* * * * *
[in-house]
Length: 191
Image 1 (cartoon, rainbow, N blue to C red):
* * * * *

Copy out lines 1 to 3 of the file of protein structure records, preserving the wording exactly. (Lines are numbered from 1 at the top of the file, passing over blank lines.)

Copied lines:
[in-house]
Length: 191
Image 1 (cartoon, rainbow, N blue to C red):